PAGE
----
The powder paint didn’t colour their hands too badly, only Pop’s who dipped hers directly into the powder paint, but it washed straight off anyway, more easily than regular paint. The moon sand was left out in our table with the lid on and dried out to a sand like consistency after 2 days. We will either add water again to revive it or mix it into our regular sand pit for a colourful addition!

Homemade Moon dust



What they are learning while they play:


creativity: inventing games and stories with sensory materials, creating sculptures and forms, exploring patterns and spaces using tools


knowledge and understanding/ science: combining ingredients to create new materials, mixing colours

maths: counting out cup fulls and following recipes

Cakie: 4.9

Pop: 3.3

Bean: 16 months

Search our archives for all our other Play Recipes too! There are dozens to try!



    • Lauren says

      I suppose but I think play sand is moist and stays moist! But I think it is just play sand but all the other ingredients is for coloring except for the water and corn flour

    • Sue Davies says

      You can buy play sand at early learning centres, Asda, Tesco etc but may not be stocked over winter. It’s a clean and hygienic alternative to beach sand, which could contain all manner of nasty stuff! Hope that helps!

  1. Sarah R says

    Play sand is sand for use with children usually available in toy shops like toys r us, early learning centre etc. Fab activity will be making some at work next week with the kids i think! :) we’ve made moon sand before but didn’t think to add powder paint, we have tub fulls of the stuff!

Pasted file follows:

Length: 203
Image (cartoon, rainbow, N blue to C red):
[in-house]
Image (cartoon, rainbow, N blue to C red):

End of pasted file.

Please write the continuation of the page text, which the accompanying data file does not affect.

2. Rebecca says

    Do you need new sand straight out the bag or can you just grab it out the sand pit?

  3. says

    This looks great: it’s somewhere between wet sand and Play-Doh, maybe even a dry snow. Love the smooshing and molding capabilities! Pardon my ignorance, but what kinds of stores sell powdered paint? I don’t recall ever seeing it in a toy store… maybe a craft store?

  4. Shelly says

    Where do you get the powdered paint? I’ve tried a teacher supply store and called 3 craft stores and no one carries it? We tried food coloring for kicks, but of course it turned my son’s hands red. :)

  5. mary says

    I am taking child-development classes in college and I had to do an activity with kids inn the daycare on campus and we did a moon sand activity and let me tell you it went great a little girl has so much fun doing it I wish you had other activity’s that kids might like pleas email me with other ideas that they might like yours truly mary

  6. says

    Valuable information. Blessed my family I came across your website by chance, using this program . pleasantly surprised exactly why this kind of accident did not was held prior! I actually saved as a favorite that.

  7. Mike says

    Craft stores like Michael’s sell colored sands in any color you like, no paint or dye needed and no stained hands! It works just as well as regular play sand.